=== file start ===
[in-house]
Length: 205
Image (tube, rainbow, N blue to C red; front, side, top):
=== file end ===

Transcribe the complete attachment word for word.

[in-house]
Length: 205
Image (tube, rainbow, N blue to C red; front, side, top):